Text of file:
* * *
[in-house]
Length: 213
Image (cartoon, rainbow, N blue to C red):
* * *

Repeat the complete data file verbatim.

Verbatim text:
[in-house]
Length: 213
Image (cartoon, rainbow, N blue to C red):